Room 6


The painting of the Immacolata Concezione, from the church of S.  Francesco Monopoli and exposed in the new space (from the chapel of the  Seminar) of the Diocesan Museum, is datated 1588.

The artist, according to Graziano Bellifemine, “is to be found among painters  active in San Francisco between 1570 and 1590. ” The large canvas (3.45 x 2.12 meters) has many stylistic differences.

The composition has in the center the figure of the Immaculate Conception, in her static stiffness,which  contrasts with the movement of the angels, whose  movements sends us back to primitive forms.  In the foreground, down to the foot of the Immaculate, the two saints  Francesco and Antonio on thier knees and  the portraits of the purchaser in  their expression, seem entranced by the intense light of the space composition, determined by the white-transparent of the sky and clouds, which are embed in flowers and figures , “legavit” where we can read the Litany of the Saints.

Even if the work,is not united it reveals a certain color finesse.

Very interesting is the painting of St. Vincenzo Ferreri, from the church of San Domenico in Monopoli.

The harmonious composition with the central figure of the saint, ends  with the side panels, which describes his life.

The composition is calm, candid and results in a well-balanced relationship between space and light.

The white robe of the Dominican saint is strengthened by the black cloak that  put the figure in a strongly contrast.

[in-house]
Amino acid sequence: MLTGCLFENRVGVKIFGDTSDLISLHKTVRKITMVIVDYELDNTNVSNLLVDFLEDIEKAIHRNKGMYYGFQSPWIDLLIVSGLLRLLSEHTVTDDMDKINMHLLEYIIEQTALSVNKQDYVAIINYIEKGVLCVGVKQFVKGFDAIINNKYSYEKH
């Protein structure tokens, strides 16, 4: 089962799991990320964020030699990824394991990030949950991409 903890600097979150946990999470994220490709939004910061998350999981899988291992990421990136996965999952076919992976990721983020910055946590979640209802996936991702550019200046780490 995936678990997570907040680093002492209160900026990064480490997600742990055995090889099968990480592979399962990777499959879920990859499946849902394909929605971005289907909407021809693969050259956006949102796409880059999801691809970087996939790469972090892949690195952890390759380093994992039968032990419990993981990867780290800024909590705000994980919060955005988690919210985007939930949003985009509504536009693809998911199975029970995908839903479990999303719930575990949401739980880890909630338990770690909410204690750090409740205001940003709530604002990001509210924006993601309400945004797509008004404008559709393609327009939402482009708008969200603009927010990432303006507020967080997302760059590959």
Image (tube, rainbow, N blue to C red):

The painting reaches a unitary dimension by the clear color and by the transparent fund that includes each element of composition and is soaked in a bright light.

Attributed to Fabrizio Fuller, the work reflects the style 17th century.

The painting, in the bottom on the left, reports the date 1605.

Found by the Carabinieri, returned to the Diocesan Museum, the painting  representing “L’incredulità di S.Tommaso,” is proudly displayed in the new exhibition space of the museum in Monopoli.

This painting is a  perfect copy of Caravaggio’s famous composition, exhibited in the Museum of Sanssouci in Potsdam.

The canvas  differs from that of  Caravaggio, for  some chromatic diversity and reveals, for the strong chiaroscuro accents, (which is typical of the style of Caravaggio, of 17th century), a strong dramatic performance.

It is hard to know who has made this “composition”, for the lack of documents that assert its paternity, however, is possible to assign it to the painters of Caravaggio’s school operating a lot in Monopoli. The fourth painting of the Madonna del Rosario with the Saints Francesco, Domenico and Caterina, suffered, unfortunately, the ravages of time before being exposed in the new hall of the Diocesan Museum.

We know very little of this painting. Revealed in the formal representation, a

manneristic character and it is possible that the painting could be made towards the end of the 17th century.



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